Nazri introduced Zenith-BUGG MD to Guan Eng

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Former minister Datuk Seri Nazri Aziz admitted to receiving RM500,000 from Consortium Zenith-BUCG Sdn Bhd to help repair dilapidated religious schools in southern Thailand, the Sessions Court was told today.

Nazri, who was former culture, arts and tourism minister from 2013 to 2018, was testifying as the 14th prosecution witness at Lim Guan Eng’s undersea tunnel corruption trial today.

He said this during cross-examination by Lim’s lawyer Gobind Singh Deo who queried him on questions posed by Malaysian Anti-Corruption Commission (MACC) investigators into the case.

Gobind: Did they ask you whether you received money from Zenith-BUCG managing director Datuk Zarul Ahmad Mohd Zulkifli for the introduction or the project?

Nazri: No.

Gobind: Did he (Zarul) give you any money?

Nazri: Yes, a RM500,000 contribution to help rehabilitate dilapidated religious schools in Pattani district in southern Thailand.

Saifullizan Tamadi/NST

I am from Ulu Perak. Many Malays there have Pattani lineage. I have visited Pattani since 1975. The state of the pondok schools there were quite dilapidated (daif).

From the 1990s, I began (various) donation drives to channel contributions to rehabilitate these schools. I myself am a Malay with Pattani lineage.

Gobind: For this (graft) case (against Lim), did you receive any payment?

Nazri: No.

In his witness statement, Nazri testified that he had known Zarul since the 1990s as an acquaintance of his old friends, but not in terms of politics or business.

He also conceded that it was he who introduced Zarul to Lim after the latter expressed a desire to meet someone “powerful” in Penang regarding a project, which he did not name at the material time around late-2010 to early-2011.

“Zarul informed me that he wanted to know someone of influence in Penang to get him a project.

“But I did not know what project that was. I cannot remember the date he told me this.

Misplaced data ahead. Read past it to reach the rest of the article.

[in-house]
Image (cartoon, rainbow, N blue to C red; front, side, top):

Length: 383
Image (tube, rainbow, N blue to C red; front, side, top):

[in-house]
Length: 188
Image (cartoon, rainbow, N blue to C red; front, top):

“I took the initiative to contact and ask Lim if he is interested to meet Zarul regarding projects in Penang,” Nazri said.

Nazri said Lim subsequently agreed to meet with Zarul and he then arranged a meeting in January 2011 at Hotel Shangri-La at 9pm.

He said the discussions between Lim and Zarul lasted for about an hour after which Zarul left.

He said both he and Lim left at about 11pm.

Nazri said Lim and Zarul met again at an Italian restaurant in Kuala Lumpur in March 2011.

Nazri also said he had known Lim since the 1990s due to their involvement in politics and they had got to know each other well.

During the cross-examination by Gobind, Nazri agreed that it was not unusual for Zarul to seek his help to meet Lim or that it took place after office hours.

The witness said this was due to not only the nature of a person being both a lawmaker and minister but also due to the packed schedule such a person would shoulder.

In this trial, Lim faces four charges, one under Section 16(a)(A) of the Malaysian Anti-Corruption Commission Act for having allegedly solicited kickbacks of 10 per cent of future profits from Zarul as a reward to help the latter’s company secure the project in March 2011, as the then CM.

He is also facing a charge under Section 23(1) of the same Act for allegedly receiving RM3.3 million in kickbacks from Zarul between January 2011 and October 2017 for allegedly helping the latter’s company secure the mega project.